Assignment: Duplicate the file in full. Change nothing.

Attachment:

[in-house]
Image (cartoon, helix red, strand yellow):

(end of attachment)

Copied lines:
[in-house]
Image (cartoon, helix red, strand yellow):